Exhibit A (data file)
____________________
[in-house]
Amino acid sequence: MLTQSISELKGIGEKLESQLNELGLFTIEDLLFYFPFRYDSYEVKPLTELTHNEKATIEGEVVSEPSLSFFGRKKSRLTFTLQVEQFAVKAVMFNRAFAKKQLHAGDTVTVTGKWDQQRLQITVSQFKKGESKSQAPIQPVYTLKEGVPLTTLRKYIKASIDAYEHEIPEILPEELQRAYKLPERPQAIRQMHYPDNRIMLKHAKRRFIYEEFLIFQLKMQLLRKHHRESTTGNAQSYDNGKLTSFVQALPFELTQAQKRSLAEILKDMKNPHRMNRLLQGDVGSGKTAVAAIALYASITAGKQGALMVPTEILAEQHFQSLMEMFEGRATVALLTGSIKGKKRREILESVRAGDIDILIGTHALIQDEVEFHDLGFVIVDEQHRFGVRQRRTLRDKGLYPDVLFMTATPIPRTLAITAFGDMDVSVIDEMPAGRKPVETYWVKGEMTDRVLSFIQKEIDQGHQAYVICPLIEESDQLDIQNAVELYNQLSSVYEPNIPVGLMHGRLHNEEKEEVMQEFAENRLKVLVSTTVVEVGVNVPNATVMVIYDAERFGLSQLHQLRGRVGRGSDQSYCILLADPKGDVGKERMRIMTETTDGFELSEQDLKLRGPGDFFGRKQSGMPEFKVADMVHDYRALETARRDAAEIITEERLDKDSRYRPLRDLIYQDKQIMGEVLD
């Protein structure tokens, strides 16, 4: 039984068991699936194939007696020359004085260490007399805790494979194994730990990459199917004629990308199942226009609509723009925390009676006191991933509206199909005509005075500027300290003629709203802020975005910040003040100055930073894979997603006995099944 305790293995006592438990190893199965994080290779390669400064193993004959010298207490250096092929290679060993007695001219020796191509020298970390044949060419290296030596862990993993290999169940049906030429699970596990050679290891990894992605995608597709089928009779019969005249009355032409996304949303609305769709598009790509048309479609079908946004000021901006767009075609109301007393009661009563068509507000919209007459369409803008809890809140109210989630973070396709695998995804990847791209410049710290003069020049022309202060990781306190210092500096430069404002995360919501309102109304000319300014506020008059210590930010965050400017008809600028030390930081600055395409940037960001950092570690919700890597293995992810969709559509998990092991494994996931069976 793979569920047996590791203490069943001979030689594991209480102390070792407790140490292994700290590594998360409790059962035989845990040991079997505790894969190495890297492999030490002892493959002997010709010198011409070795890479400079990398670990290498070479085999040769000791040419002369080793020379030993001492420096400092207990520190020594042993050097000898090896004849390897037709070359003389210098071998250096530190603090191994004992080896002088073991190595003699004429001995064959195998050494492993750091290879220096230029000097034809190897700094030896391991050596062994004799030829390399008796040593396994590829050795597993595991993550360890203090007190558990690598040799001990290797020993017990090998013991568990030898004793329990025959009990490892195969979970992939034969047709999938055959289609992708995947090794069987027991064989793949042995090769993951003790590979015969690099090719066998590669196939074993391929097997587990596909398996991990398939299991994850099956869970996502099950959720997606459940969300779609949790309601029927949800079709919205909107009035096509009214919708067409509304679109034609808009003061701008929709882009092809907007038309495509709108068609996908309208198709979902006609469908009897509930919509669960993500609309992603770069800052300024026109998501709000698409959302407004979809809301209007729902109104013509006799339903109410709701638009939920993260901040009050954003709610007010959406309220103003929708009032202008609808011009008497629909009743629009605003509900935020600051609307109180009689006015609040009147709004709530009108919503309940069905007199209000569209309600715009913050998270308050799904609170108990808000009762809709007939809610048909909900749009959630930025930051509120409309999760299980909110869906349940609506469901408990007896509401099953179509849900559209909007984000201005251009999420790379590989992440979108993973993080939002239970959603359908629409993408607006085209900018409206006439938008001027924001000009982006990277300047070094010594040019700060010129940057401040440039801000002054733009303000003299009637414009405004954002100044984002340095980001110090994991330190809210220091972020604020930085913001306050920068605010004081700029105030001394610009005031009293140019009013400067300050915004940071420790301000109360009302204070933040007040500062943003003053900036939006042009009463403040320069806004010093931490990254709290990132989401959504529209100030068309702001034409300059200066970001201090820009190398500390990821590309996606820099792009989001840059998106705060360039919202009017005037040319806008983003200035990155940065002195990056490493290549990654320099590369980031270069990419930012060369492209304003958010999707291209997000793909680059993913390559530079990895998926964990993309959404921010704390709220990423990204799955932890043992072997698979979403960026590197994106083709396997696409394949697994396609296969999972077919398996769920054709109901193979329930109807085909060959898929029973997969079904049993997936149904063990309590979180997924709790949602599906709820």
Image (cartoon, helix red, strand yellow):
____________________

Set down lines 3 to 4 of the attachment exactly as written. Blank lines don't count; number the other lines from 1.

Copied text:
């Protein structure tokens, strides 16, 4: 039984068991699936194939007696020359004085260490007399805790494979194994730990990459199917004629990308199942226009609509723009925390009676006191991933509206199909005509005075500027300290003629709203802020975005910040003040100055930073894979997603006995099944 305790293995006592438990190893199965994080290779390669400064193993004959010298207490250096092929290679060993007695001219020796191509020298970390044949060419290296030596862990993993290999169940049906030429699970596990050679290891990894992605995608597709089928009779019969005249009355032409996304949303609305769709598009790509048309479609079908946004000021901006767009075609109301007393009661009563068509507000919209007459369409803008809890809140109210989630973070396709695998995804990847791209410049710290003069020049022309202060990781306190210092500096430069404002995360919501309102109304000319300014506020008059210590930010965050400017008809600028030390930081600055395409940037960001950092570690919700890597293995992810969709559509998990092991494994996931069976 793979569920047996590791203490069943001979030689594991209480102390070792407790140490292994700290590594998360409790059962035989845990040991079997505790894969190495890297492999030490002892493959002997010709010198011409070795890479400079990398670990290498070479085999040769000791040419002369080793020379030993001492420096400092207990520190020594042993050097000898090896004849390897037709070359003389210098071998250096530190603090191994004992080896002088073991190595003699004429001995064959195998050494492993750091290879220096230029000097034809190897700094030896391991050596062994004799030829390399008796040593396994590829050795597993595991993550360890203090007190558990690598040799001990290797020993017990090998013991568990030898004793329990025959009990490892195969979970992939034969047709999938055959289609992708995947090794069987027991064989793949042995090769993951003790590979015969690099090719066998590669196939074993391929097997587990596909398996991990398939299991994850099956869970996502099950959720997606459940969300779609949790309601029927949800079709919205909107009035096509009214919708067409509304679109034609808009003061701008929709882009092809907007038309495509709108068609996908309208198709979902006609469908009897509930919509669960993500609309992603770069800052300024026109998501709000698409959302407004979809809301209007729902109104013509006799339903109410709701638009939920993260901040009050954003709610007010959406309220103003929708009032202008609808011009008497629909009743629009605003509900935020600051609307109180009689006015609040009147709004709530009108919503309940069905007199209000569209309600715009913050998270308050799904609170108990808000009762809709007939809610048909909900749009959630930025930051509120409309999760299980909110869906349940609506469901408990007896509401099953179509849900559209909007984000201005251009999420790379590989992440979108993973993080939002239970959603359908629409993408607006085209900018409206006439938008001027924001000009982006990277300047070094010594040019700060010129940057401040440039801000002054733009303000003299009637414009405004954002100044984002340095980001110090994991330190809210220091972020604020930085913001306050920068605010004081700029105030001394610009005031009293140019009013400067300050915004940071420790301000109360009302204070933040007040500062943003003053900036939006042009009463403040320069806004010093931490990254709290990132989401959504529209100030068309702001034409300059200066970001201090820009190398500390990821590309996606820099792009989001840059998106705060360039919202009017005037040319806008983003200035990155940065002195990056490493290549990654320099590369980031270069990419930012060369492209304003958010999707291209997000793909680059993913390559530079990895998926964990993309959404921010704390709220990423990204799955932890043992072997698979979403960026590197994106083709396997696409394949697994396609296969999972077919398996769920054709109901193979329930109807085909060959898929029973997969079904049993997936149904063990309590979180997924709790949602599906709820």
Image (cartoon, helix red, strand yellow):